"You've activated my Trap Card!"
collectible card game first appeared in the manga of the same name
as a homage
to Magic: The Gathering
, of which author Kazuki Takahashi is a fan. Originally, the manga was intended to feature a new game every few weeks, and with the trading cards being just one of many. However, Takahashi received a lot of fan mail asking how to play it, and so he cobbled together a rudimentary game system loosely based on that of Magic
agreed with how the characters played. Fan mail kept pouring in, and so the editor of Shonen Jump
(in which the manga was serialised) persuaded
Takahashi to rework the manga to have it appear more as an important plot device. When the anime adaptation
, which centered solely around the card game, proved a surprise international hit, Konami
was approached to produce a real version of the game, which was released in 1999. The real game made considerable changes to the rules originally established by Takahashi, and so the manga and anime were revised to more closely reflect the rules of the real game.Yu-Gi-Oh!
is essentially a game with different names and administration structures in different territories. The so-called Official Card Game
, or OCG, has been handled by Konami since the beginning; it administers East Asia. The other administration setup, called the Trading Card Game
or TCG, was originally manufactured and distributed by Upper Deck Entertainment, at Konami's own behest, throughout the remaining territories worldwide. However, in 2008, UDE lost the license amid some allegations of wrongdoing, and now the TCG is administered by Konami as well. The game is roughly 99% identical on each side of the Pacific; the only differences are that some cards that debut under one administration do not appear in the other for a good, long while, if ever; there are some difference about the Damage Step rules; and, Konami alters some card artwork to prevent incidents with Moral Guardians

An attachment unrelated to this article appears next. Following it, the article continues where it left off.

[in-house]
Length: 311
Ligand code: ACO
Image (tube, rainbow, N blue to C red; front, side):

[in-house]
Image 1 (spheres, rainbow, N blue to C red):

Some of the core gameplay elements:
- Deckbuilding: Players construct their own decks, which must contain between 40 to 60 cards and no more than three of any single card (certain cards are limited to 2, 1, or 0 copies per deck). A secondary deck of no more than 15 cards can also be constructed; this "Extra Deck" contains "Fusion Monsters," "Synchro Monsters" and "Xyz Monsters" which are Summoned to the field by combining other monsters in various ways. As the official rules state that matches consist of best-two-out-of-three duels, players can also use an up-to-15-card "Side Deck" which can be used to modify the deck between duels in a match.
- Monster combat: Players can Summon monsters to fight the opponent. Stronger monsters have Summoning requirements, most commonly a sacrifice of other monsters.
- Card effects: Most monsters have special abilities aside from their brute force, which is almost always helpful for its wielder, such as the ability to destroy other cards, or to increase its attack strength from its default level. Spell cards are cards that are played directly from the hand with various effects. Trap cards also have special effects similar to Spells; however, they must be set face-down, and then activated later at a later time, which leads into...
- Hidden information: Monsters, Spells, and Traps can be "Set" face-down on the field to be revealed later, often springing a nasty surprise on the opponent. Recent releases have also increased the number of cards playable from one's hand at atypical, poignant, and decisive points of gameplay - essentially behaving like a "Set" card that didn't have to be "Set". Considering how removing and playing around Set cards was one of the game's dominant paradigms for nearly a decade running, these recent releases, when competitive, have had quite the impact.
A more complete overview of the rules can be found at this Useful Notes page
, the stories and tropes from the metaplot can be seen here
, and the character sheet from said metaplot is at this Character Sheets page
. Subjective tropes can be found here.
Trivia can be found here.
For the card game based off the first anime
, try Yu-Gi-Oh! (Carddas Version)
This game provides examples of: